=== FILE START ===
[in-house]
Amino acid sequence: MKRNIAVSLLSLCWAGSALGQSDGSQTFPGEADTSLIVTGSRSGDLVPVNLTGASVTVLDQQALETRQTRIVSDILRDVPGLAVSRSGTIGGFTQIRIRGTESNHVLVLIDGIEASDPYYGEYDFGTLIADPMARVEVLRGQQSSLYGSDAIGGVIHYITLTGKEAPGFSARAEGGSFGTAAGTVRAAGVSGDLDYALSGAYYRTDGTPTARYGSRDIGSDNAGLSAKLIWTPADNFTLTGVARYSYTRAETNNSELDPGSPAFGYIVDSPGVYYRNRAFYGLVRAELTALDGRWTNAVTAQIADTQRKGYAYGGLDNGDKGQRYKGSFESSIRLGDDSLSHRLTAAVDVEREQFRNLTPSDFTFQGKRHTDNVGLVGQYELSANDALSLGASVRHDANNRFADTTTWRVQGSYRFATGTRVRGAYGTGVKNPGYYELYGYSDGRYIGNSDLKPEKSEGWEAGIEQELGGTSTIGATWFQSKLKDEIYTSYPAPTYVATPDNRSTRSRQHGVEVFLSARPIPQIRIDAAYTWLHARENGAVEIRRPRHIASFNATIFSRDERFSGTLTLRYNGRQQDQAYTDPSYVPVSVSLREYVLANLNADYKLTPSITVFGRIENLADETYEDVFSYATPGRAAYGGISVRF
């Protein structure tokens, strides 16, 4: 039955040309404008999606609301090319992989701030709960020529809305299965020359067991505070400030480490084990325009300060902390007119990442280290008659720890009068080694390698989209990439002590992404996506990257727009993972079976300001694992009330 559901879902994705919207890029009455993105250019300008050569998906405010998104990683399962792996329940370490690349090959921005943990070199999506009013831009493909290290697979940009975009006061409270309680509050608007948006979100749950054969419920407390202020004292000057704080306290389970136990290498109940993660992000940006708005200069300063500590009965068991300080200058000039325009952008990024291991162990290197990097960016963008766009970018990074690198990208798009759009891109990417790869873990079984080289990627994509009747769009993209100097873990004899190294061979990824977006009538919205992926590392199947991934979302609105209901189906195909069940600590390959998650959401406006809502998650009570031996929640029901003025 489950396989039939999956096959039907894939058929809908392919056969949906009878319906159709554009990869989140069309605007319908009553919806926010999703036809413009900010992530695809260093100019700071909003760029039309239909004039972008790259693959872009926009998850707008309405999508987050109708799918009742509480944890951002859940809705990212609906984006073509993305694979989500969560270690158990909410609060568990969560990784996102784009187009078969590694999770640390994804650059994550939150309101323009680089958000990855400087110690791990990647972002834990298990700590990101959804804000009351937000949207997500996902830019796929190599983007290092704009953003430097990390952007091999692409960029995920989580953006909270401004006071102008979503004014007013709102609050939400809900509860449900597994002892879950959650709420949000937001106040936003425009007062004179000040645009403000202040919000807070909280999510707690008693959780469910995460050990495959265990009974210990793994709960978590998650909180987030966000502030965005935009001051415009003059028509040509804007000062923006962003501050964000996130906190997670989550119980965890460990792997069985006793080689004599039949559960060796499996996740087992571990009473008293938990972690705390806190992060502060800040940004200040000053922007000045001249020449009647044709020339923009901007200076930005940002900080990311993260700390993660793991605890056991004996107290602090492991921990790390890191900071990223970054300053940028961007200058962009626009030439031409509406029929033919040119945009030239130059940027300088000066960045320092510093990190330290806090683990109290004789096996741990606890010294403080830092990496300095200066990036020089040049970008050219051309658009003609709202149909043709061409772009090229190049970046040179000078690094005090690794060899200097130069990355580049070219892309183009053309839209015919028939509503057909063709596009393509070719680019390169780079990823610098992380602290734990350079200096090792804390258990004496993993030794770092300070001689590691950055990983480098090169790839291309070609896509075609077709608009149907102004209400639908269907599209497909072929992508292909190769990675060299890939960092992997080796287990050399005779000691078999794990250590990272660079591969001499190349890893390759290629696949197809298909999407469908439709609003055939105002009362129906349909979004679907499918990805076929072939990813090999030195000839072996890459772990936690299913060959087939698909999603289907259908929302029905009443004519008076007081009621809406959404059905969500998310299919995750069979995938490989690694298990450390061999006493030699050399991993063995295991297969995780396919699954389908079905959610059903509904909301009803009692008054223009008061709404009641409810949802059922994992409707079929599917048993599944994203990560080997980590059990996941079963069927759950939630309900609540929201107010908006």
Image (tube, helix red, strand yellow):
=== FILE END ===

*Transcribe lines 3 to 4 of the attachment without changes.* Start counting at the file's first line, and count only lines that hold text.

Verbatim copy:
């Protein structure tokens, strides 16, 4: 039955040309404008999606609301090319992989701030709960020529809305299965020359067991505070400030480490084990325009300060902390007119990442280290008659720890009068080694390698989209990439002590992404996506990257727009993972079976300001694992009330 559901879902994705919207890029009455993105250019300008050569998906405010998104990683399962792996329940370490690349090959921005943990070199999506009013831009493909290290697979940009975009006061409270309680509050608007948006979100749950054969419920407390202020004292000057704080306290389970136990290498109940993660992000940006708005200069300063500590009965068991300080200058000039325009952008990024291991162990290197990097960016963008766009970018990074690198990208798009759009891109990417790869873990079984080289990627994509009747769009993209100097873990004899190294061979990824977006009538919205992926590392199947991934979302609105209901189906195909069940600590390959998650959401406006809502998650009570031996929640029901003025 489950396989039939999956096959039907894939058929809908392919056969949906009878319906159709554009990869989140069309605007319908009553919806926010999703036809413009900010992530695809260093100019700071909003760029039309239909004039972008790259693959872009926009998850707008309405999508987050109708799918009742509480944890951002859940809705990212609906984006073509993305694979989500969560270690158990909410609060568990969560990784996102784009187009078969590694999770640390994804650059994550939150309101323009680089958000990855400087110690791990990647972002834990298990700590990101959804804000009351937000949207997500996902830019796929190599983007290092704009953003430097990390952007091999692409960029995920989580953006909270401004006071102008979503004014007013709102609050939400809900509860449900597994002892879950959650709420949000937001106040936003425009007062004179000040645009403000202040919000807070909280999510707690008693959780469910995460050990495959265990009974210990793994709960978590998650909180987030966000502030965005935009001051415009003059028509040509804007000062923006962003501050964000996130906190997670989550119980965890460990792997069985006793080689004599039949559960060796499996996740087992571990009473008293938990972690705390806190992060502060800040940004200040000053922007000045001249020449009647044709020339923009901007200076930005940002900080990311993260700390993660793991605890056991004996107290602090492991921990790390890191900071990223970054300053940028961007200058962009626009030439031409509406029929033919040119945009030239130059940027300088000066960045320092510093990190330290806090683990109290004789096996741990606890010294403080830092990496300095200066990036020089040049970008050219051309658009003609709202149909043709061409772009090229190049970046040179000078690094005090690794060899200097130069990355580049070219892309183009053309839209015919028939509503057909063709596009393509070719680019390169780079990823610098992380602290734990350079200096090792804390258990004496993993030794770092300070001689590691950055990983480098090169790839291309070609896509075609077709608009149907102004209400639908269907599209497909072929992508292909190769990675060299890939960092992997080796287990050399005779000691078999794990250590990272660079591969001499190349890893390759290629696949197809298909999407469908439709609003055939105002009362129906349909979004679907499918990805076929072939990813090999030195000839072996890459772990936690299913060959087939698909999603289907259908929302029905009443004519008076007081009621809406959404059905969500998310299919995750069979995938490989690694298990450390061999006493030699050399991993063995295991297969995780396919699954389908079905959610059903509904909301009803009692008054223009008061709404009641409810949802059922994992409707079929599917048993599944994203990560080997980590059990996941079963069927759950939630309900609540929201107010908006």
Image (tube, helix red, strand yellow):